Due to the continuation of the work stoppage by the musicians of the San Francisco Symphony (SFS), tonight’s 8 p.m. performance of Gustav Mahler’s ninth symphony has been cancelled and will not be rescheduled; an announcement about tomorrow afternoon’s 2 p.m. performance is expected to be released by tonight.
Patrons with tickets for tonight’s concert may exchange them for an upcoming concert, donate their tickets, or receive a refund. The Box Office may be reached by phone at 415-864-6000. The Box Office is open until 8:30 p.m. tonight. Sunday hours are from noon to 2 p.m., and hours on Mondays through Fridays are from 10 a.m. to 6 p.m. The Press Room page of the SFS Web site will be maintained with information about further cancellations and when performances will resume. Further details on the negotiations may be obtained either through the Press Room page.
Yesterday I felt it valuable to refer readers to the San Francisco Chronicle article by Joshua Kosman, which provided a balanced treatment of the positions of both the musicians and the Administration. As a result of continuing to track extended discussions on the current “state of play,” today I would like to offer a similar pointer to yesterday’s analysis by Janos Gereben for San Francisco Classical Voice. Gereben has done a laudable job of approaching this as a story about labor relations, drawing upon sources such as Robert Mnookin, Chairman of the Harvard Negotiation Research Project. (Mnookin was involved in the settlement of the last strike, which ran from late 1996 into early 1997.) Due to his decision to approach the dispute on an issue-by-issue basis, Gereben’s article takes more time to read than your usual newspaper article.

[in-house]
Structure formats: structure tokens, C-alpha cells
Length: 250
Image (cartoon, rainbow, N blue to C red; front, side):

However, it deserves to be read to its conclusion, since the final section addresses those intangible issues of both the subjective and social worlds that extend beyond the objective world of specific contract terms. Gereben has made the bold move of trying to introduce job satisfaction and stress arising from lack of such satisfaction into the equation. These are issues that often elude discussion, because neither side knows how to reduce them to quantitative terms (because such reduction is, for all intents and purposes, impossible). Nevertheless, these intangible factors are important, because accepting the terms of a contract does not always imply the establishment of agreement over a “worldview” of the organization shared to the satisfaction of both labor and management.
(Orthogonal afterthought: In the context of the major technology story of the week, I feel some obligation to observe that I arrived at most of my sources through the judicious use of Google Reader. There seems to be a prevailing opinion that RSS feeds have lost their significance due to the use of Twitter as a news-tracking technology. I cannot imagine any tweet that would have captured enough of my attention to induce my commitment to reading Gereben’s article. Dealing with an issue as complicated as a labor stoppage requires the sort of attention span that Twitter was never designed to accommodate.)